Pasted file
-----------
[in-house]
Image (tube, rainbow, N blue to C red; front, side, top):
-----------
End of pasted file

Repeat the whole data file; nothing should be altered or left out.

[in-house]
Image (tube, rainbow, N blue to C red; front, side, top):